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Charm offensive part of Saudis’ ‘pay-to-play’ relationship with US

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President Trump and Crown Prince Mohammed bin Salman (MbS) met in the White House on Tuesday. In front of the TV cameras, President Trump only focused on arms deals worth tens of billions of dollars, which he pointed out make the Saudis our allies.

It seemed that arm sales had become a “pay-to-play” deal, which would guarantee our support for MbS’s extensive economic and political agenda as he visits the U.S.

{mosads}On the political side, MbS’s visit will seek to give real teeth to a U.S.-Saudi common front to counter Iran’s hegemonic policies in the Middle East. MbS is courting the U.S. to be fully aligned with Saudi Arabia on what he sees as Iran’s existential threat to the kingdom.


MbS wants to stop Iran from encircling the kingdom. Hence, Saudis need U.S. support to wage the war against Iranian-backed rebels in Yemen, to rein in Iran in Iraq, to promote anti-Iran groups in Syria, to gain back from their political primacy in Lebanon from Hezbollah and to limit Qatar’s cozying up to Iran.

From the Saudi standpoint, no other major powers are credible to stop Iran. China is playing both Iran and Saudi Arabia against each other but seems to favor Iran for the “Belt and Road Initiative.”

Russia is presently quite close to Iran, but like China, it plays both sides as it remains closely allied to the Saudis to manage the oil markets. Thus, the U.S. is the only country to work with against Iran, whatever the cost.

Saudi Arabia also needs the U.S. to bring Qatar to heel. Conversely, the U.S. needs Saudi Arabia (and the UAE as well) to re-unite the Gulf Cooperation Council, whose disarray is an open door to Iranian influence.

MbS is likely to point out that Qatar, in spite of the huge U.S. base there, has supported strongly anti-American groups, like the Muslim Brotherhood, Al-Qaeda militias in Syria and Al Jazeera TV. He may seek to obtain a green light to pressure Qatar further without U.S. interference.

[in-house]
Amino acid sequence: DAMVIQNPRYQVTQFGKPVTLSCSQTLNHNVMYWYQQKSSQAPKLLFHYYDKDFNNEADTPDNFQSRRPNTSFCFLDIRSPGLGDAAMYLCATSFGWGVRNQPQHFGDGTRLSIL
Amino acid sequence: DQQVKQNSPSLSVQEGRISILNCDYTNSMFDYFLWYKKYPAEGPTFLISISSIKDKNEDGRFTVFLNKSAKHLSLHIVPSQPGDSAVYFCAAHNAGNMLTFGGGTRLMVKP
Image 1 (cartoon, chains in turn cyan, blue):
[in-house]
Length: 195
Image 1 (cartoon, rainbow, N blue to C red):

On the economic side, MbS will push his plan to push Saudi Arabia into the 21st century. He has undertaken a true “cultural revolution” called “Vision 2030.” This plan calls to replace crude oil as the main source of Saudi wealth.

MbS wants to change the people’s dependence on the state for jobs, subsidies and extensive social benefits by the state becoming dependent on the people, including funding fiscal deficits at times of low oil income.

It means structural changes to the economy so that the private sector and foreign investors create jobs for Saudis in industries and services, instead of the state.

MbS’s vision demands a radical change in society. Foreign workers, which comprise 80 percent of the private sector, must be replaced by the Saudi youth, men and women, who are today underemployed.

However, this implies that women become fully part of the work force, which requires that women are allowed to work and interact with men in the workplace. This in turn requires that the religious establishment be forced to surrender its austere grip on society.

By the same token, the youth feel that all citizens have to bear the brunt of the changes, including a royal family that had extensive privileges known to all and resented by all — hence, the recent widely reported episode at the Ritz-Carlton in Riyadh.

By most accounts, the young Saudis, who make up the vast majority of the population, are very much in support of MbS. They are also very nervous about the changes for fear of backlash from the established groups that are bearing the brunt of the reforms: the royals, some merchants and the religious establishment.

To avoid such a backlash, these groups have been dealt with by a centralization of power into the hands of MbS that has not been seen since King Abdulaziz founded the modern kingdom the early part of the 20th century.

The U.S. can benefit from the Saudi economic quest beyond just the arms deals. MbS is emphasizing technology as one answer to replace low-cost foreigners by young Saudis. Therefore, Saudi Arabia is likely to make large investments in U.S. technological firms and investment funds.

For a number of years now, the Saudi oil and chemical giants have been moving away from just producing crude oil to basic and advanced chemicals, metals and fertilizers. This has created opportunities for large and medium-sized U.S. companies to establish bases to conquer the Asian markets using the Saudi low-cost feedstocks.

MbS will continue his charm offensive with the economic and political elites of the U.S., with the ultimate goals of defeating Iranian hegemony while developing a modern Saudi economy and society. His success relies heavily on the U.S., even if it implies paying the substantial “pay-to-play” price demanded by President Trump.

Jean-Francois Seznec is a political scientist specializing in business and finance in the Middle East. He is currently an adjunct professor at the School of Advanced International Studies (SAIS) at the Johns Hopkins University and at Georgetown University’s McDonough School of Business and School of Foreign Service.

Tags Donald Trump Economic history of Saudi Arabia Gulf Cooperation Council International relations Iran–Saudi Arabia proxy conflict Iran–Saudi Arabia relations Middle East Mohammad bin Salman Saudi Arabia Saudi Arabia–United States relations Shia–Sunni relations World

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